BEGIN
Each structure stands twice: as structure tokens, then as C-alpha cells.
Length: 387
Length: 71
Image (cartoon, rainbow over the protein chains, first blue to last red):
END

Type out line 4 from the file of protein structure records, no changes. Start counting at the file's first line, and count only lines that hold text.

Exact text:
Image (cartoon, rainbow over the protein chains, first blue to last red):